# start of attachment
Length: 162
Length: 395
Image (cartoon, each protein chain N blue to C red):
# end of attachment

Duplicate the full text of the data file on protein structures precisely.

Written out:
Length: 162
Length: 395
Image (cartoon, each protein chain N blue to C red):